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Premature consistency

From time to time, including a couple of times today, I’ve found myself using “consistent” thinking as a bad thing and “inconsistent” as a good thing, and I like to paraphrase Ralph Waldo Emerson’s li’l “hobgoblin of consistency” snowclone.

Really, the problem isn’t consistency, it’s premature consistency. Thinking our mental model is complete before it is, so we fool ourselves to come up with cockamamie explanations for things that don’t fit in, or block it out it entirely.

Inconsistent thinking lets us start painting gently and accurately before we fully know what’s there, where premature consistency instead would paint a warped picture, forcing things to be placed the way they “should” be instead of where they really are.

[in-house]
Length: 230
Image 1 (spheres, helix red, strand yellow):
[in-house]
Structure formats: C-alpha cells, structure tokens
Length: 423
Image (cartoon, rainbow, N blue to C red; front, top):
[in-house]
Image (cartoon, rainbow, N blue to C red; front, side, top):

Ultimately we do want, even need, a consistent model. Finding inconsistencies is one useful way to sussing out the real truth behind things.

It is a capital mistake to theorize before one has data. Insensibly one begins to twist facts to suit theories, instead of theories to suit facts.